📖 Print vs Digital 🖥

More and more people are digesting content digitally. Here's what the science says.

How do our brains respond differently to words on a screen rather than to words on paper? 

In a distracted digital age, children's first experiences with written language are often digital texts. 

According to a recent U.S. study from Common Sense Media, children ages eight and younger spend an average of just under two and a half hours a day with screen media, 35 percent of it on mobile screens. 

They spend more time with mobile screens than with print books.

This shift has raised concerns about the potential for children's ability to read deeply and with focus. 

In recent years, researchers are putting more emphasis on understanding the impact of the digital text on children's reading development. 

📗📘 Print 📕📓

Proponents of print books claim that print books engage a more complex sensory system than e-books. The feel of a book, it's smell, appearance, and the satisfaction felt when one finishes reading the book are all elements that distinguish reading a paper book from reading a digital book.

Any book lover can attest that great novels are an immersive experience that brings the mind to life with images and emotions and even engages one's senses.

To remember what you read, a book gives you the tactile experience of pages turning under your fingertips which feeds your brain with information, leading to a deeper understanding and grasp of the topic you are reading. 

What do the studies say?

Study 1 ⌄

More screen than reading time is associated with decreased brain connectivity between regions controlling word recognition and both language and cognitive control related to reading comprehension.

Structurally, increased screen time relates to decreased integrity of white-matter pathways necessary for reading and language

Study 2 ⌄

Increased screen time (and less reading time) is associated with poorer language development and executive functioning.

Study 3 ⌄

Time spent reading is positively correlated with higher functional connectivity in left-sided language, visual and cognitive control regions of the brain.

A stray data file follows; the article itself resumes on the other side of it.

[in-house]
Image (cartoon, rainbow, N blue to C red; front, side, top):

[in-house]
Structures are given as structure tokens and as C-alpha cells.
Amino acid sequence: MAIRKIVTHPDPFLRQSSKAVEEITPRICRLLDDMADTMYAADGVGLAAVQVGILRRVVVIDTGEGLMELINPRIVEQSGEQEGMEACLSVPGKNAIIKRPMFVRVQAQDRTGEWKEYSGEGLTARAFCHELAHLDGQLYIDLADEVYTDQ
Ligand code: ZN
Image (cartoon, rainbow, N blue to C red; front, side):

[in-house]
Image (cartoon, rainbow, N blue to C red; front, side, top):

In contrast, screen time correlates with lower connectivity in regions related to language and cognitive control.

Study 4 ⌄

Students who read texts in print scored significantly better on the reading comprehension test than students who read the texts digitally.

🏁 Conclusion 🏁

More print. Less digital.

Seems likes a good thing.

References

Bavishi, A., Slade, M., & Levy, B. . (2017). The Survival Advantage of Reading Books. Innovation in Aging, 1(Suppl 1), 477. .
Berns, G. S., Blaine, K., Prietula, M. J., & Pye, B. E. . (2013). Short and long-term effects of a novel on connectivity in the brain. Brain connectivity, 3(6), 590–600..
Dodell-Feder, D. & Tamir, D.. (2016). Fiction Reading Has a Small Positive Impact on Social Cognition: A Meta-Analysis. Journal of Experimental Psychology.
Duff, D., Tomblin, J. B., & Catts, H. . (2015). The Influence of Reading on Vocabulary Growth: A Case for a Matthew Effect. Journal of speech, language, and hearing research : JSLHR, 58(3), 853–864. .
Keller, T. A., & Just, M. A. . (2009). Altering cortical connectivity: remediation-induced changes in the white matter of poor readers. Neuron, 64(5), 624–631. .
Lewis, D. . (2009). Galaxy Stress Research. Mindlab International, Sussex University, UK.
Mangen A., Bente R., Brønnick K.. (2013). Reading linear texts on paper versus computer screen: Effects on reading comprehension. International Journal of Educational Research Volume 58, 2013, Pages 61-68.